Tuesday, March 04, 2008

Living In Place

Independent Living Option

Healthcare System Need

Living In Place is my retirement plan, if the support system I need is present and my circumstances are such that I am able to enjoy living independently in my home, or smaller private living quarters for my remaining years. The Los Angeles Times regular weekly Health Section attracted my attention this Monday, March 3, 2008 when I saw the front page titled "Not leaving home -- Older Americans want to live out their days in familiar comfort. Increasingly, they can" by Shari Roan. This is what I want to know about. What support systems are available now? What services are available? I certainly hope there's more support available than twenty years ago when I was trying to fulfill my mother's desire to live independently in place.

I was even more interested in reading this section of my paper when I discovered Shari had written additional articles in that section, "A network of helping hands," one called "Health tactics that pay off," another "Older caregivers help make up for shortage of home aides," and "Resources for those aging in place." I've found these articles quite informative and would urge anyone who is interested in living independently in their own living accommodations, whether an apartment, town house, condominium, or house, read these articles. You can access some of them by clicking the links on their titles including this "Guide to Retirement Living" with independent living reference.

Following is a brief summary of her front page article I mentioned above, "Not leaving home..." This article offers some dollars and cents figures for comparison purposes of costs for living in settings other than home and that of some supplemental services costs that would be incurred should an individual choose to remain in their home.

The more aging data, informative specifics I can gather the better. Some of us may be quite familiar with some of the figures and additional elder issues from ongoing aging articles by other bloggers, especially Ronni Bennett at "Times Goes By." (An increasing number of bloggers and readers have come to refer there as a primary source for current overall aging information.)

I think Shari Roan's articles are definitely of interest to bloggers and newspaper readers (older folks, their children, caregivers desiring to offer services.) She provides cost of care dollar amounts obtained from MetLife, AARP for accommodations in more institutional type settings ranging from the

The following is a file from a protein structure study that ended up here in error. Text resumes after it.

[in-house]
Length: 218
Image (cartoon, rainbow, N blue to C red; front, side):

* "Average national cost per year of private-room nursing home care: $77,745* (*100,000in Southern California)" to

* "Average national base rate per year of assisted-living care: $35,628** (**As much as several hundred dollars a month may be added for..."special services of fairly routine need by many i.e. diabetics and others she describes.

She discloses details about costs associated with home health aide care for one hour per day with a base of $6,916 per year, but notes additional costs with additional services you can read about in her article.

A possibility for living independently in place on which she focuses in her article is described with the acronym "LIFE : started in 2005 as a federally funded pilot project designed to see if such communities -- called naturally occurring retirement communities...could help people remain in place as they age. Loosely defined, the communities are neighborhoods in which a large segment of the residents are older adults."

The program Shari Roan describes is located in Park La Brea where more than 500 residents are 60 and older. She says they have developed a unique network of volunteers to facilitate continued success of LIFE (Living Independently in a Friendly Environment.) "Susan Alexman, director of senior services for Jewish Family Service of Los Angeles, which operates the LIFE program..." says, "You know the saying, 'It takes a village to raise a child'? Well, it takes a community to support an older adult."